Yesterday’s AGM was very interesting. I’ve written a report on the meeting, but it is 1557 words so ADVFN are not keen on me publishing it here (they prefer it at http://newsletters.advfn.com/deepvalueshares/). Anyway here is some of it:
David Fletcher and the other directors warmly welcomed the four shareholders who turned up to the AGM yesterday.
They were very willing to discuss the important and intellectually challenging issues facing the business. So for about an hour we probed many of the dilemmas that come with managing an organisation such as Fletcher King.
(By the way, it turns out that the board have been reading what I?ve been writing on the company ? so they have probably also seen the bulletin board comments made by others.)
Is the London commercial property market near to the top of a bubble?
This is always an extraordinarily difficult question to answer ? except, of course, with hindsight.
But there are straws in the wind. There is a post-election lull in the lettings market. Also yields are approaching record lows. Or was that 2007 yield levels? (which might be the same thing, I?m not sure). Whatever it is, prices are high.
On the other hand, rental growth for smaller office suites has been going great guns over the last 2-3 years. This fits with the evidence of good demand from both tenants and office buyers in the performance of the Leadenhall Street property in SHIPS14.
A key point of hope is that the supply of new offices is not as great as in the lead up to past peaks.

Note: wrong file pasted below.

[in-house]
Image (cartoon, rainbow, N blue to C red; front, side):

The people around the table had seen a few London property cycles and, I could be wrong, but I sensed a consensus that we are getting close to midnight here for speculators betting on rising prices, where all turns to pumpkins and mice for those who do not get out before the clock strikes.
However, not everyone in the property game, or those supplying services to those investing in property, needs a rising market to make a living (for example, we?ve done fine in Leicestershire with a flat market).
There are many working at FK who collect fees for looking after clients (collecting rents, doing rating appeals, valuations) whether the market is in an up-phase or is down. I pointedly asked what profits were like in 2009 and 2010. In both cases revenues were in the ballpark of £3m and underlying profits were made. This is a very conservatively run company, strong enough to cope with recession.
However, the icing on the cake for a business like this is say when a number of banks ask for FK property valuations so they can lend to investors keen to buy, or when fund managers (e.g. pension funds) are enthusiastic about investing in London property and need various services, or when investors are keen on piling money into SHIPS for FK to charge a management fee.
Other issues discussed:
The dilemma of paying enough to retain rainmakers.
How much to invest in SHIPS?
Growth through acquisition?
What about other routes to growth?
Quality of management?